The Teutonic Order and its history have become an important part of the Polish, German and Lithuanian national traditions. The exhibition presents the mechanisms of emergence, causes and effects related to these phenomena, but does not provide ready-made solutions. Similar to the previous exhibitions, its aim is to encourage reflection and contemplation. In this respect, the exhibition makes very clear references to modernity and current events. An integral part of it is a presentation of what is known as the Grunwald tradition – anniversary celebrations of the Grunwald victory and attempts to cover up the defeat.

Analysing the history of Malbork Castle requires a broad approach, as this is the only way that a number of similar contexts can be drawn, making it possible not only to capture individual historical facts, but also to correlate them and discern their meaning and the true nature of this place – one of the most important places to the Western Civilisation, one that focuses within itself the history of Europe from the Middle Ages to modern times. We have been drawing these contexts for you since 2019, and this exhibition is a fourth, final instalment that caps off the entire cycle,’ said Dr Janusz Trupinda, the exhibition’s curator and head of the Malbork Castle Museum, during the opening ceremony.

More than three hundred original exhibits from 35 institutions and private collections from Poland, Lithuania, Germany, Italy and Austria are presented across four rooms. These include mediaeval Teutonic codices, the Shrine Madonna of Klonówka, brilliant 19th and 20th-century paintings, drawings and prints (by such artists as Jan Matejko, Wojciech Gerson and Juliusz and Wojciech Kossak), bookplates, medals and badges, documents, posters, postage stamps, books, photographs and video materials, in addition to modern-day items depicting themes related to the Teutonic Order and the Battle of Grunwald. Some of the most visually-impressive exhibits are the two very special paintings hanging opposite each other in the Grand Refectory:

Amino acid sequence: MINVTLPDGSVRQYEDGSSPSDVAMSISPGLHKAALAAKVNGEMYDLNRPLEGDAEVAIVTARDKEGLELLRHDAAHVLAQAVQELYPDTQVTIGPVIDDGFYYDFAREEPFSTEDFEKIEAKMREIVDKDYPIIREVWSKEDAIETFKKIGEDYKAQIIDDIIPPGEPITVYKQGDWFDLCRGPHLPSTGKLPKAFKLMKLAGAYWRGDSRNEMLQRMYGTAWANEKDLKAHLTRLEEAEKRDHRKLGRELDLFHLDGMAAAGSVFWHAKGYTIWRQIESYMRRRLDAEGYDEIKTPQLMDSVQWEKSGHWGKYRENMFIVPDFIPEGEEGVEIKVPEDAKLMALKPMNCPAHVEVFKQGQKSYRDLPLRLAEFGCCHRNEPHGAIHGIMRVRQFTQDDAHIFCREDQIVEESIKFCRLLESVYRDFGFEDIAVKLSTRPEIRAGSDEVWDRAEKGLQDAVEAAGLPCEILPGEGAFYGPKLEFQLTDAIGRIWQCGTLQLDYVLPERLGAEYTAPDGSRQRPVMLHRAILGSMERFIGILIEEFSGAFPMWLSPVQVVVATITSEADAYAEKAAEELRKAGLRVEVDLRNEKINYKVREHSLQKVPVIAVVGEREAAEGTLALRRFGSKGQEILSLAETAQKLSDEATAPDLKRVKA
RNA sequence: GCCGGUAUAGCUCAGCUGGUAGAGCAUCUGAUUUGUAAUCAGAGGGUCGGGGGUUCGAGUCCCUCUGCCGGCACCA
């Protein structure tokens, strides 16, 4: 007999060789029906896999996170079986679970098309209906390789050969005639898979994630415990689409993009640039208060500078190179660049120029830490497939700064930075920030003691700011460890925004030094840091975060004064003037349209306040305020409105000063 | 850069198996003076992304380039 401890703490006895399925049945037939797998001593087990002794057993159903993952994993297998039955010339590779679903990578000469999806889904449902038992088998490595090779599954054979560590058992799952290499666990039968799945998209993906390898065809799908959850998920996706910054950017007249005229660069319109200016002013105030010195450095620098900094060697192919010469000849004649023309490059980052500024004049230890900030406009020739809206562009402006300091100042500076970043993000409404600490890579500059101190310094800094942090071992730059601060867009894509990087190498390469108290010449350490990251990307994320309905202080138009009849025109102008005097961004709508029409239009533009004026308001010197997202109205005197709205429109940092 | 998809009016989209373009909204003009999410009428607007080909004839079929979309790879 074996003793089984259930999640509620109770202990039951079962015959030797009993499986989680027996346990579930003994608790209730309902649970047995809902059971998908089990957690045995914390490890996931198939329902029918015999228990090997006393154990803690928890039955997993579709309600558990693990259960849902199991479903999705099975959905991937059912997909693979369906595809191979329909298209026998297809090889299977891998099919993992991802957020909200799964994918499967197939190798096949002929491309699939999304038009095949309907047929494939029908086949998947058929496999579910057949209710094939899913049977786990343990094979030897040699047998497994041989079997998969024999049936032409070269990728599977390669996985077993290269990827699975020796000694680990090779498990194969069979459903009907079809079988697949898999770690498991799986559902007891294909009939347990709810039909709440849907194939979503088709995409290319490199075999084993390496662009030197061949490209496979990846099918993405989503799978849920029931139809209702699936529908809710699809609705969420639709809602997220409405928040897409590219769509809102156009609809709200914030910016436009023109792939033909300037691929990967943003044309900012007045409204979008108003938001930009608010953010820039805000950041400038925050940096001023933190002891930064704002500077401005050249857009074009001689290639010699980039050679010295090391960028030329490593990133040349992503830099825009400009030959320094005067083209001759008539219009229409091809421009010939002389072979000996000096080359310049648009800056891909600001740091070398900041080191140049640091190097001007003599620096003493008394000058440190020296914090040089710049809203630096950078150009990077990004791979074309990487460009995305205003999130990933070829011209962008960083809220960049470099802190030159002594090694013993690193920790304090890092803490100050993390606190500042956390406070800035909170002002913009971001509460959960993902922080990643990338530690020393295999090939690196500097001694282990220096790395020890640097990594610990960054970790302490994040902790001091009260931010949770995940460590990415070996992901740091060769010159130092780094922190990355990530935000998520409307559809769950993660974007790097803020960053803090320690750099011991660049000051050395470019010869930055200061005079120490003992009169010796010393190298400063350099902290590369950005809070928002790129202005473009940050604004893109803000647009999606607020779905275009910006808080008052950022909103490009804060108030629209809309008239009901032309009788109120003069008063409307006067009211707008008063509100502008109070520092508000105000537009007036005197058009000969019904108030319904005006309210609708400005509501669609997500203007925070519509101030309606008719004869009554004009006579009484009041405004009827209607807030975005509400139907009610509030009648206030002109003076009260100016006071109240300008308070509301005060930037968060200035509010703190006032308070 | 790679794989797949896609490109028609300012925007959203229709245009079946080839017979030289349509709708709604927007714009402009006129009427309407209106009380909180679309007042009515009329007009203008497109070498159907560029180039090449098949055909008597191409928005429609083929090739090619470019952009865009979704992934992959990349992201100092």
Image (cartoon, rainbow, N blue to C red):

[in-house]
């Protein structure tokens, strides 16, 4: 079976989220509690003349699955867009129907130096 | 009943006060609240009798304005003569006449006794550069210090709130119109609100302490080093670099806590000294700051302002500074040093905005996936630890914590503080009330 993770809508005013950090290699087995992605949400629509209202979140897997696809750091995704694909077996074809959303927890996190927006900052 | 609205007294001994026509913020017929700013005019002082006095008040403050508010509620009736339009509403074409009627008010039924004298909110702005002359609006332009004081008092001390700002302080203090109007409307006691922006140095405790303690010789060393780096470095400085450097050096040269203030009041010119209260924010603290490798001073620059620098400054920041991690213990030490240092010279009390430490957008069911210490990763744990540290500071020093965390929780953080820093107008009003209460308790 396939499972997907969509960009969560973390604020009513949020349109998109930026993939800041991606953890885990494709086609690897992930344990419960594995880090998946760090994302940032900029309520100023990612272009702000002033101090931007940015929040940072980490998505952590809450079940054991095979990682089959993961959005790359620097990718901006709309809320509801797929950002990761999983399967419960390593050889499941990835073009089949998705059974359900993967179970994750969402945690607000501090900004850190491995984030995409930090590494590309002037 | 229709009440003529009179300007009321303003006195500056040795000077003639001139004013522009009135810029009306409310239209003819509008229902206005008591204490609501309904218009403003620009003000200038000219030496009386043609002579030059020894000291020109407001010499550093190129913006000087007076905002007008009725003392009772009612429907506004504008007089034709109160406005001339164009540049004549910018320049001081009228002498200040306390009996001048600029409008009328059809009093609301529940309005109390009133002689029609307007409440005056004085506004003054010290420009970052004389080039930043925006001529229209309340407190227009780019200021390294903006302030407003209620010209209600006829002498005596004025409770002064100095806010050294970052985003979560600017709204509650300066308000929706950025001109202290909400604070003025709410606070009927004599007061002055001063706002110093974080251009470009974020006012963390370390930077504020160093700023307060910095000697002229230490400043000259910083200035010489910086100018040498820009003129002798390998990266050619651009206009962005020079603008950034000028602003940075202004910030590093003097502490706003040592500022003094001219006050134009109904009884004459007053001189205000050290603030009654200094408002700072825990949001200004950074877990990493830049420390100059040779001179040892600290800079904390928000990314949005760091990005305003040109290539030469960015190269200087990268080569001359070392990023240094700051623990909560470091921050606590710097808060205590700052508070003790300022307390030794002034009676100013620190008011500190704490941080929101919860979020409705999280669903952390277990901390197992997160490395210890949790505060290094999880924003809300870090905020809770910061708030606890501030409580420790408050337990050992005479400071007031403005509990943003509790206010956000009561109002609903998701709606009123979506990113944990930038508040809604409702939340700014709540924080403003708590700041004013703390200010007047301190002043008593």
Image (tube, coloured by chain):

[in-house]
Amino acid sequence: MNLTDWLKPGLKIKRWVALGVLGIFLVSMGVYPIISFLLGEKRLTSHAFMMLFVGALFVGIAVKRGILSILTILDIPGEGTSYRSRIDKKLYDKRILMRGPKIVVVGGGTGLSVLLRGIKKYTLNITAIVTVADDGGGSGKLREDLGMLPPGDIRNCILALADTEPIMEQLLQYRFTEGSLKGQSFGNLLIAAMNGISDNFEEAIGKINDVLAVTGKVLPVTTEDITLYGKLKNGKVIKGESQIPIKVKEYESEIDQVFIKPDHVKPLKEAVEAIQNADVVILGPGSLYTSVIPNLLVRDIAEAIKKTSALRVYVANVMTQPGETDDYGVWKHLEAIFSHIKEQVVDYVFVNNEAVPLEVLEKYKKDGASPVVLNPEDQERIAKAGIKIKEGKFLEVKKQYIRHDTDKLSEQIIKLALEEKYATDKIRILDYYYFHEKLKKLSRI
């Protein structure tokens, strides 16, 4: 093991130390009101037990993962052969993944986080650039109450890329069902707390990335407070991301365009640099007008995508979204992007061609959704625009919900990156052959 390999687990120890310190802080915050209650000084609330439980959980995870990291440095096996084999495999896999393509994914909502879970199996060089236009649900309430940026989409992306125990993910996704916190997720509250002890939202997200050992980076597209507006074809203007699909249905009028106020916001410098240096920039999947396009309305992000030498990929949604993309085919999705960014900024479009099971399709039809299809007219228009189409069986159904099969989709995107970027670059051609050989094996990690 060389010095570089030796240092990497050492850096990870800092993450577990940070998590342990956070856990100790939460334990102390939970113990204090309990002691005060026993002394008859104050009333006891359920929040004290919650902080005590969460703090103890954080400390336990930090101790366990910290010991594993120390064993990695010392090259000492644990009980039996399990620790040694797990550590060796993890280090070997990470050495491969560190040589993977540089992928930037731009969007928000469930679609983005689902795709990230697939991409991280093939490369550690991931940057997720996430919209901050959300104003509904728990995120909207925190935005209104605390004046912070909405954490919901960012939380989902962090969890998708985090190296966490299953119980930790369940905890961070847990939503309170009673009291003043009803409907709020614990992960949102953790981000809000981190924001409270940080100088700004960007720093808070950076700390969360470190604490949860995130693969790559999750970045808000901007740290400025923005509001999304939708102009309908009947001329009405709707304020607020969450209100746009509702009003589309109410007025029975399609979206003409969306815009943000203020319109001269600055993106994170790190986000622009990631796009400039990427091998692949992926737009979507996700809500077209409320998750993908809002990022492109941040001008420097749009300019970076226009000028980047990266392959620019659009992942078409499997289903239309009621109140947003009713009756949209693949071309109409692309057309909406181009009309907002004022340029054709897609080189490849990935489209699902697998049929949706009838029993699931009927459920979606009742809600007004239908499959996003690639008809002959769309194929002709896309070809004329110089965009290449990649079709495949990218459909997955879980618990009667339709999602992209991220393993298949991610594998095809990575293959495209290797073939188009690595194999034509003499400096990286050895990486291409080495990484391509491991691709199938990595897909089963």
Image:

‘Battle of Grunwald’ by T. Popiel and Z. Rozwadowski, Kraków 1910, History Museum in Lviv,

‘Dies Irae’ by G. Kazimierenas, frame by B. Stancikus, Vilnius 2012, History Museum in Trakai.

The head of the History Museum in Lviv, Roman Czmełyk, emphasised the importance of the partnership with the Malbork Castle Museum and ensuring the safety of the ‘Battle of Grunwald’ for the duration of the war in Ukraine.

Many of the exhibits are on display in Malbork for the first time, providing a unique insight and offering a comprehensive demonstration of how the castle functioned and how it was perceived by society. The exhibition thus encourages visitors to reflect, but also to enjoy the wonderful works of art and artefacts on display in the castle halls, which are made even more impressive by the display cases specially designed by the company NOWY MOTYW Adam Orlewicz. For the purpose of making the exhibition more accessible, for the first time in history, the Malbork Castle Museum offers special guided exhibition tours, a range of curator-led tours and lectures as well as a special educational programme.

Visitors can also purchase souvenirs with depictions of various exhibits. These are available from any of the castle shops.

Also available are guided tours of the exhibition and educational workshops.

Zachęcamy także do wysłuchania cyklu 5-odcinkowego podcastu, który jest doskonałym przygotowaniem do odczytania wystawy już na miejscu.